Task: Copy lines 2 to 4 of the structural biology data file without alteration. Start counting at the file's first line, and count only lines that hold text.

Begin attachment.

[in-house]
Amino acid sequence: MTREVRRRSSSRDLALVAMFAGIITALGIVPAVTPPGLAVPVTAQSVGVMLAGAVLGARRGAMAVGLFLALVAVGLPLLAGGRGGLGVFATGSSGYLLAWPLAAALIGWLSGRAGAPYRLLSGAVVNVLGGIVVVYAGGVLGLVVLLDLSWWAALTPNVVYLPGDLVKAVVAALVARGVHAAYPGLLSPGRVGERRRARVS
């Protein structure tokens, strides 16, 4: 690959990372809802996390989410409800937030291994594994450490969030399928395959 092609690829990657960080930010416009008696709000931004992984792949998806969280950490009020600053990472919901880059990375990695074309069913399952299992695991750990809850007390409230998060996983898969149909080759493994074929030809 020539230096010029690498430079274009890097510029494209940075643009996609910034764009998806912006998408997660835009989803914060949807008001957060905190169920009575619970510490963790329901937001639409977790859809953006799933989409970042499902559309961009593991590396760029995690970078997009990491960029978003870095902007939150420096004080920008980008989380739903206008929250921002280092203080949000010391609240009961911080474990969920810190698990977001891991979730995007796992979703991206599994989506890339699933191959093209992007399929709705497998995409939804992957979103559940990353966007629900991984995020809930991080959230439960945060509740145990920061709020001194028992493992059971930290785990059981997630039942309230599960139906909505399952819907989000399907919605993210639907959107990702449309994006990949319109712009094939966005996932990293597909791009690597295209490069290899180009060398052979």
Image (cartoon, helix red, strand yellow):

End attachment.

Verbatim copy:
Amino acid sequence: MTREVRRRSSSRDLALVAMFAGIITALGIVPAVTPPGLAVPVTAQSVGVMLAGAVLGARRGAMAVGLFLALVAVGLPLLAGGRGGLGVFATGSSGYLLAWPLAAALIGWLSGRAGAPYRLLSGAVVNVLGGIVVVYAGGVLGLVVLLDLSWWAALTPNVVYLPGDLVKAVVAALVARGVHAAYPGLLSPGRVGERRRARVS
């Protein structure tokens, strides 16, 4: 690959990372809802996390989410409800937030291994594994450490969030399928395959 092609690829990657960080930010416009008696709000931004992984792949998806969280950490009020600053990472919901880059990375990695074309069913399952299992695991750990809850007390409230998060996983898969149909080759493994074929030809 020539230096010029690498430079274009890097510029494209940075643009996609910034764009998806912006998408997660835009989803914060949807008001957060905190169920009575619970510490963790329901937001639409977790859809953006799933989409970042499902559309961009593991590396760029995690970078997009990491960029978003870095902007939150420096004080920008980008989380739903206008929250921002280092203080949000010391609240009961911080474990969920810190698990977001891991979730995007796992979703991206599994989506890339699933191959093209992007399929709705497998995409939804992957979103559940990353966007629900991984995020809930991080959230439960945060509740145990920061709020001194028992493992059971930290785990059981997630039942309230599960139906909505399952819907989000399907919605993210639907959107990702449309994006990949319109712009094939966005996932990293597909791009690597295209490069290899180009060398052979």
Image (cartoon, helix red, strand yellow):